Then, the objective function is given by

Given that

Therefore, the inversion value

Solving

Supposing the displacement at

Solving

The displacement data at the measuring points of the dam body include the displacements caused by the deformations of the dam body, dam foundation, and reservoir basin. Therefore, the displacements caused by the deformations of the rock foundation and reservoir basin are deducted from the hydraulic pressure (

The following equation is true when

QGA innovatively introduces quantum calculation into the genetic algorithm and overcomes the difficulties of traditional genetic algorithms in the selection of the evolution mode. The approach satisfies the accuracy requirements of the fitness function through a more efficient and accurate intelligent population optimization.

The basic information unit in quantum calculation is the quantum state. The quantum state has three major characteristics in quantum calculation: quantum superposition, quantum entanglement, and quantum interference. Quantum is characterized by the state vector, and encoding genetic chromosome is characterized by the probability amplitude of quantum bit such that the superposition of multiple state vectors can be expressed by one piece of chromosome. Chromosome updating is realized by the quantum logic gate. The basic principle of QGA is introduced in the following text [

The QGA uses quantum bit as the physical medium to store unit information. Quantum bit is often formed by the superposition of two quanta. Quantum bit is obtained by

Unlike traditional genetic algorithms, QGA expresses the gene state and stores gene state information by quantum bit encoding (0/1). For example, 1 means that the gene is at state “1,” and 0 means that the gene is at state “0.” If this gene contains uncertain information, this aspect could be expressed by the superposition of the “0” and “1” states. In other words, this gene state contains all possible information.

If an individual is composed of

Quantum gate is the most basic operation of the quantum bit. Specific quantum gate operations are often selected according to specific problems. Multiple operations are generally optional. Quantum revolving gate is selected in this paper. The adjustment operation of the quantum revolving gate is

Quantum gate updating is^{th} quantum of the chromosome and

Coordinates of the revolving quantum gate.

When the quantum bit is at the first and third quadrants,

The basic flowchart of QGA is shown in Figure

Population

Individuals in the initial population are measured singly, and the corresponding determined solutions of individuals are obtained as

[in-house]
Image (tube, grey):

The fitness degree of

The optimal individual and its fitness degree are recorded.

The individual is judged whether it satisfies the end condition. If the end condition is satisfied, the step is exited; otherwise, the calculation is continued.

If the individual does not satisfy the end condition, all the individuals in

The fitness degrees of the different determined solutions are assessed.

The individuals are adjusted by the quantum revolving gate

The optimal individual and its fitness degree are recorded.

The iterations are increased by 1, and the process returns to step (5).

Flowchart of QGA.

The commercial finite element software Abaqus involves a high-efficiency core solver and can establish the interface between Abaqus and MATLAB users through secondary development. Consequently, the inversion efficiency is increased. On the basis of the finite element simulation results, we construct an inversion model for QGA. The fitness function is established on the basis of the difference between the measured value and the finite element simulation result. The inversion of the mechanical parameters of hydraulic structural materials is realized by MATLAB programming. The specific steps are as follows:

The calling interface of the Abaqus finite element program is established using MATLAB. The INP document of the Abaqus model and the constitutive Fortran subprogram document of materials are called through system commands. The problem is solved using the Abaqus finite element high-efficiency core.

After the INP document is edited in step (1), the deformation data of the characteristic unit in the Abaqus finite element simulation document is generated using the Elprint command. The Fopen command in MATLAB is called, and the fitness function of the characteristic unit error is calculated.

The QGA subprogram is compiled, and the fitness function of characteristic unit in step (2) is optimized.